(a)  the Commissioner’s findings or opinions on the corruption issue; and

                     (b)  a summary of the evidence and other material on which those findings or opinions are based; and

                     (c)  any recommendations that the Commissioner thinks fit to make; and

                     (d)  if recommendations are made—the reasons for those recommendations.

Note:          See also section 153, which requires the Commissioner to give certain persons an opportunity to respond before including certain information in the report. That section also requires additional information to be included in an investigation report in certain circumstances.

             (3)  For the purposes of paragraph (2)(a), if the Commissioner forms the opinion that a person whose conduct has been investigated has engaged in corrupt conduct of a serious or systemic nature, the Commissioner must include a statement to that effect in the investigation report.

             (4)  To avoid doubt, for the purposes of paragraph (2)(a), if the Commissioner forms the opinion that a person whose conduct has been investigated has not engaged in corrupt conduct the Commissioner must set out that opinion in the report.

             (5)  If:

                     (a)  a person gives evidence at a hearing in relation to a corruption investigation; and

                     (b)  the person is not the subject of any findings or opinions in relation to the corruption investigation;

the Commissioner may include a statement to that effect in the investigation report if the Commissioner is satisfied that it is appropriate and practicable to do so to avoid damage to the person’s reputation.

Recommendations that may be made

             (6)  Without limiting paragraph (2)(c), the Commissioner may make one or more of the following recommendations:

                     (a)  taking action in relation to a person, in accordance with relevant procedures, with a view to improving their performance;

                     (b)  terminating the employment of a person in accordance with relevant procedures;

                     (c)  taking action to rectify or mitigate the effects of the conduct of a person;

                     (d)  adopting measures to remedy deficiencies in the policy, procedures or practices that facilitated:

                              (i)  the employment or engagement of an unsuitable person; or

                             (ii)  a person engaging in corrupt conduct; or

                            (iii)  the failure to detect corrupt conduct engaged in by a person.

Section does not limit what may be included in an investigation report

             (7)  This section does not limit what may be included in an investigation report.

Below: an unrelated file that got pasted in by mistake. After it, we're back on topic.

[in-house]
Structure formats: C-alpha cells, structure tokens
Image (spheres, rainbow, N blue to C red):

150  Effect of findings or opinions about corrupt conduct

             (1)  This section applies if an investigation report includes a finding or opinion that a person has engaged, is engaging or will engage in corrupt conduct or conduct that could constitute or involve corrupt conduct.

             (2)  The finding or opinion does not constitute a finding or opinion that the person is guilty of or has committed, is committing or will commit an offence.

151  Excluding certain information from investigation report

             (1)  The Commissioner must exclude the following from an investigation report:

                     (a)  section 235 certified information;

                     (b)  information that the Commissioner is satisfied is sensitive information.

Note:          This information must be included in a protected information report (see section 152).

             (2)  Before including information in the report, the Commissioner must consult with the head of each Commonwealth agency or State or Territory government entity to which the information relates about whether the information is sensitive information.

152  Protected information report

                   If the Commissioner excludes information from an investigation report under section 151, the Commissioner must prepare another report (a protected information report) that sets out:

                     (a)  the information; and

                     (b)  the reasons for excluding the information from the investigation report.

Note:          If a protected information report is given to a person, the person must not disclose the report, or information contained in the report, to the public or a section of the public (see section 234).

153  Opportunity to respond must be given before including certain information in investigation report

             (1)  Before including in an investigation report an opinion, finding or recommendation that is critical (either expressly or impliedly) of a Commonwealth agency, a State or Territory government entity or any other person, the Commissioner must give the head of the agency, the head of the entity or the other person concerned:

                     (a)  a statement setting out the opinion, finding or recommendation; and

                     (b)  a reasonable opportunity to respond to the opinion, finding or recommendation.

             (2)  The response may be given by:

                     (a)  the head of the Commonwealth agency or of the State or Territory government entity concerned, or a person authorised by the head; or